We characterize the exciton wavelength and lifetime, as shown in Fig. 1B and fig. S3. Electric field (Fig. 1B) shows continuous wide tunability of exciton wavelength, which is actually a combined effect of binding energy tuning, Coulomb scattering, and screening of the Coulomb interaction, as well as change of repulsive interaction with electric field (31). Time-resolved PL measurements (fig. S4) reveal a lifetime well in the nanosecond time range, representing two orders of magnitude improvement over that of intralayer excitons, allowing formation of a long-lived 2D exciton gas (6). Within this lifetime, IXs travel over a long distance larger than the device dimensions. Electric-exciton interaction controls 2D potential for IXs in atomically thin homogeneous material, as schematically illustrated in Fig. 1C.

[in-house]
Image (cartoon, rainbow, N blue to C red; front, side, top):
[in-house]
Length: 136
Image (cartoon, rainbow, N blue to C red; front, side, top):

We demonstrated 2D potential energy controllability of interlayer excitons by an out-of-plane electric field. An interlayer exciton has a dipole moment p with an out-of-plane (z) direction due to the separation and confinement of composed electron and hole in spatially separated layers [layer separation is ~0.78 nm for WSe2 bilayer, as measured by atomic force microscopy (AFM); fig. S4]. Therefore, the application of an out-of-plane electric field Fz leads to an exciton energy shift (2, 32, 33) of ΔE = edFz, where ed is the built-in dipole moment of IXs, and d is the electron-hole separation distance in the exciton. With a fixed exciton dipole direction, the electric field can therefore create lower or higher energy potential along the electrode and therefore drives the confinement and spread of excitons.